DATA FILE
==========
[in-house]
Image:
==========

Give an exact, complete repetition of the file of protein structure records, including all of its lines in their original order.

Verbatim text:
[in-house]
Image: